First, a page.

It took a conversation with my friend Sue, herself a powerful coach, to make me see that I’m naturally a publisher, not a writer: I’m an extrovert, I get my energy from connecting and engaging with others, not sitting alone with a keyboard. The interesting thing is that this holds true for many people, particularly entrepreneurs, many of whom have fascinating books inside them that will probably never get out if they don’t find a new way to write, one that suits their busy, multitasking lives and extrovert personalities.

And in any case, why should a business book be created as something apart from the business? Can’t it be created dynamically from its day-to-day activities, becoming an intrinsic part of the business itself? I’ve spent my career at the forefront of innovation in the publishing industry, so it seemed logical to treat this business book challenge as a live experiment in the book business.

So earlier this month I launched The Extraordinary Business Book Club, a weekly podcast featuring a wide range of high-profile authors, gurus, futurists, publishers and business and writing experts all exploring what it means to write and publish a business book today, and giving their views and experience on the best approaches, techniques and tools to get the job done. And that’s exactly what I’ll be doing: trying out their ideas and writing my own business book live, week by week, reporting on my progress and discoveries, and encouraging others to do the same.

I’ll be blogging weekly for BookMachine on what comes up from the publishing perspective – the way the self-publishing and hybrid markets are evolving, the emergence of new services and tools (as I write, I’m just about to record an interview on the emergence of social selling), the role of agents, how authors can work alongside publishers on promotion, and so on.

If you have something interesting to say about the future of business books – or authors with interesting stories to tell about the writing of their books and how they work alongside their business – I’d love to hear from you: drop me a line on alison@alisonjones.com. And why not subscribe to the podcast on iTunes or at http://extraordinarybusinessbooks.com/?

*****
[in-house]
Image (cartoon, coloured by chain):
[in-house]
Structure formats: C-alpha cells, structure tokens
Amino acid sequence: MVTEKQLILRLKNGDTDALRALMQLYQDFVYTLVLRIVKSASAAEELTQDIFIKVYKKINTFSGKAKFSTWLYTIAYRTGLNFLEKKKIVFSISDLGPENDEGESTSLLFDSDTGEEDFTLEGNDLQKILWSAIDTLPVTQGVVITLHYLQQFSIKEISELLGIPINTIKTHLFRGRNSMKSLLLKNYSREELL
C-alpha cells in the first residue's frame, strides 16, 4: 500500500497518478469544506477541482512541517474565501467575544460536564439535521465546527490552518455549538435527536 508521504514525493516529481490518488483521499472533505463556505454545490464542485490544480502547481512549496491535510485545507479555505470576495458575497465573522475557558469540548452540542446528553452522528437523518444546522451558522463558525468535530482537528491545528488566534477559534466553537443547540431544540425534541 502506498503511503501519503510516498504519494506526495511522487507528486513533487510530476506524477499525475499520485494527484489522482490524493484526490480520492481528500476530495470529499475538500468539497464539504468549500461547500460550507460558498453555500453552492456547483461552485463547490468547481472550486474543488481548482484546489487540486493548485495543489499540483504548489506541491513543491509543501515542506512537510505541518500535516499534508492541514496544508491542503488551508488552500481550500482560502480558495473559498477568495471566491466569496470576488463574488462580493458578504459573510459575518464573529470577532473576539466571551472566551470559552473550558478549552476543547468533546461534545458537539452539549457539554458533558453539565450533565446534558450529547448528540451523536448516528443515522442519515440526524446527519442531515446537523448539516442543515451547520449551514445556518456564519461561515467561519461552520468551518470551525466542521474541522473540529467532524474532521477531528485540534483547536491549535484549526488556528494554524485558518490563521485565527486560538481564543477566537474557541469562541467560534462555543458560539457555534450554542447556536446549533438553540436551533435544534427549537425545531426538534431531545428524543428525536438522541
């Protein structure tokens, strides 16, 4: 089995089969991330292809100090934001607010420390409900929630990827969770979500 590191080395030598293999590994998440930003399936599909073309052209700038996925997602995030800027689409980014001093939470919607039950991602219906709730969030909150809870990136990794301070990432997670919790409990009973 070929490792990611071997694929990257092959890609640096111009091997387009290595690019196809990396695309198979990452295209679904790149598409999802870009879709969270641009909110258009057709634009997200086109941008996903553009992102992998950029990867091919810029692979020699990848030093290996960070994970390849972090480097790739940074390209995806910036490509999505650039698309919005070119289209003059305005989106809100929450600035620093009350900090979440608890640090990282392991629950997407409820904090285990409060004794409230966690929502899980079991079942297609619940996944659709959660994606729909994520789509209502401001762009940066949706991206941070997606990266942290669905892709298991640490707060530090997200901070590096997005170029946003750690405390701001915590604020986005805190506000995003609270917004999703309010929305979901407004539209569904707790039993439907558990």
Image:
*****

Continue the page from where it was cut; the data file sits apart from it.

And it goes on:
Most authors have just one publisher checking on their progress and holding them accountable: I feel simultaneously privileged and terrified to have the entire BookMachine community on my back.

Alison Jones (@bookstothesky) is a publishing partner for businesses and organizations writing world-changing books. She also provides executive coaching, consultancy and training services to publishers. www.alisonjones.com. 

My 2016 ebook marketplace hopes and wishes

Rather than speculate on what might happen in the ebook sector this year I thought it would be wiser to simply list the developments I’d like to see. So although some, and perhaps all, of these are a long shot, here’s my short list of hopes and wishes for the ebook market this year.

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Self-employed in publishing

Hope and Confidence: An optimistic future for publishing

Some weeks ago, I was explaining the returns system and how integral it had become to the industry to a friend.

“I get it,” he smiled, “publishing’s built on its broken bits.”

The comment was said without malice, but it gnawed at me. Is publishing really that ‘broken’? I don’t believe it for a minute, but is that naïve idealism, or do we have a real reason to hold out hope for the future?